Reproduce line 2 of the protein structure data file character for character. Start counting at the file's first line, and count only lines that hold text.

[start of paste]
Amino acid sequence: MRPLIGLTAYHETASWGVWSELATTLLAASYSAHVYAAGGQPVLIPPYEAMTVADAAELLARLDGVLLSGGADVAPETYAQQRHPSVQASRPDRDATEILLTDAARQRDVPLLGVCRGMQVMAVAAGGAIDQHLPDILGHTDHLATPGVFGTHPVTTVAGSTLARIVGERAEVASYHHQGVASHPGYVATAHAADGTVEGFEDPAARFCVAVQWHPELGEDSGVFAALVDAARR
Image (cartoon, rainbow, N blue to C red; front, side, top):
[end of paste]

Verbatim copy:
Image (cartoon, rainbow, N blue to C red; front, side, top):